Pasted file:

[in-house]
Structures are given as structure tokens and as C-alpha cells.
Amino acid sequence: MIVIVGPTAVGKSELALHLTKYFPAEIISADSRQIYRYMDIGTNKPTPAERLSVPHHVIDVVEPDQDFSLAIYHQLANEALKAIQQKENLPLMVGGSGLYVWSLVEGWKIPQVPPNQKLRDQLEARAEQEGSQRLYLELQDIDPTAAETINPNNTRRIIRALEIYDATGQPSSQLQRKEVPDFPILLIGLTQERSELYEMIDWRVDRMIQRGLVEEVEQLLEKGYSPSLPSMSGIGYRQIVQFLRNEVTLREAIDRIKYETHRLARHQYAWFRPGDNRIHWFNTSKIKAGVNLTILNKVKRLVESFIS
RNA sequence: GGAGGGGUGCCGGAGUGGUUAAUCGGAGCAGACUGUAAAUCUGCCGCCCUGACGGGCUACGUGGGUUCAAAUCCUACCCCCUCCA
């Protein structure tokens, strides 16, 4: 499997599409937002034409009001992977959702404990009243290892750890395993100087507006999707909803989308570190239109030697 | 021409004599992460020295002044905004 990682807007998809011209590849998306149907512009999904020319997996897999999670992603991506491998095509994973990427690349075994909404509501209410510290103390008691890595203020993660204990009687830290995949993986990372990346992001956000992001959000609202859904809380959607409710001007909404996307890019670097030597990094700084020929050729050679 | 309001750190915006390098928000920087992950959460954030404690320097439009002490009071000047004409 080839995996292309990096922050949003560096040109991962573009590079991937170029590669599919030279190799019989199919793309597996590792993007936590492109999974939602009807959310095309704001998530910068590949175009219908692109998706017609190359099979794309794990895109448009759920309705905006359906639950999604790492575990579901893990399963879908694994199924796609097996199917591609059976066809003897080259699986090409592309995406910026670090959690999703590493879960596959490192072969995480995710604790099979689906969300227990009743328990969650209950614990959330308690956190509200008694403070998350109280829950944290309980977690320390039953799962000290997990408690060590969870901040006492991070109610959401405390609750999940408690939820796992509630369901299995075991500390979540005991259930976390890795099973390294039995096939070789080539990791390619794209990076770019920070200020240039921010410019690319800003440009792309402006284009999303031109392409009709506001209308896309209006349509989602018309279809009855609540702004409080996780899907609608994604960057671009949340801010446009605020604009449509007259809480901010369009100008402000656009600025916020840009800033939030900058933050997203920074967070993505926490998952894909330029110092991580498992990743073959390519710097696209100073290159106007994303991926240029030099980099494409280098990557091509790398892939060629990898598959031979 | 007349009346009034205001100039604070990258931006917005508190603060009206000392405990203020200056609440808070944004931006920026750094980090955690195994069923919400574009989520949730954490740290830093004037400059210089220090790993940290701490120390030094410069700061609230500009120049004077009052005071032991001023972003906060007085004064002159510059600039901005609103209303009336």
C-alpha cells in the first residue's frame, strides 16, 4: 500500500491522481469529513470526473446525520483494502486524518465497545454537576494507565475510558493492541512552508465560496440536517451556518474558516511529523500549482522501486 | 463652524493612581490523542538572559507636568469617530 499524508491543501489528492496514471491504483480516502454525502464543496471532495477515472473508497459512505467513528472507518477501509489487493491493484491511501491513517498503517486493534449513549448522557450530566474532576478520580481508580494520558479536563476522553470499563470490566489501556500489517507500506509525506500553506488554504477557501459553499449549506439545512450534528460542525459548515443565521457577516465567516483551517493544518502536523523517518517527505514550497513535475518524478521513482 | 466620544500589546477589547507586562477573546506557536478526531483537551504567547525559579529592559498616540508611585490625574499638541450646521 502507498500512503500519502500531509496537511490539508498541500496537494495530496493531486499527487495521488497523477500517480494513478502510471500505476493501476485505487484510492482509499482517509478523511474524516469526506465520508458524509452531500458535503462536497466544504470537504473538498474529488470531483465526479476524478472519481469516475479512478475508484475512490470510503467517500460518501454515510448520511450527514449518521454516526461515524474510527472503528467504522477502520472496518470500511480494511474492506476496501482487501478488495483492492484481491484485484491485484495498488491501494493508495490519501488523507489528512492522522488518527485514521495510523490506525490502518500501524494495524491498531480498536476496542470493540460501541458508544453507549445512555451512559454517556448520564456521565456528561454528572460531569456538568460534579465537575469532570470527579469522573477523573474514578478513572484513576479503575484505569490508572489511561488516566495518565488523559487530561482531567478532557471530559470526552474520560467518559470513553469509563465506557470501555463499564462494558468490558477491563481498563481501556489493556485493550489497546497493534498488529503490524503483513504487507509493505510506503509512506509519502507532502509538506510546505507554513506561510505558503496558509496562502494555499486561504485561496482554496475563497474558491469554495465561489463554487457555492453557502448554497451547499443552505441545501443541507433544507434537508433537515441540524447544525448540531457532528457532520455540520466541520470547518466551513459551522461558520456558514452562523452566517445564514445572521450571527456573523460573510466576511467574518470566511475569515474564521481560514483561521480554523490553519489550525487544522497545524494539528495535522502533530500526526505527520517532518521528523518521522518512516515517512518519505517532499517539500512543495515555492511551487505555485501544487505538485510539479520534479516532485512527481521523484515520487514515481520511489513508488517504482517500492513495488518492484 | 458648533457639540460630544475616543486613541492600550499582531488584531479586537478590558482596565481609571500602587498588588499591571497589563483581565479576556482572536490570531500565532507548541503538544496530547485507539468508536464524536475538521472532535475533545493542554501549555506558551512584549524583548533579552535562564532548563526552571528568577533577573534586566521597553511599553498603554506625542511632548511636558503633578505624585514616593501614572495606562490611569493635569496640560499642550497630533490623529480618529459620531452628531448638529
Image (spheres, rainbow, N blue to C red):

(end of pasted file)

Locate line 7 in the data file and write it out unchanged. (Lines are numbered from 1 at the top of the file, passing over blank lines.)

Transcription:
Image (spheres, rainbow, N blue to C red):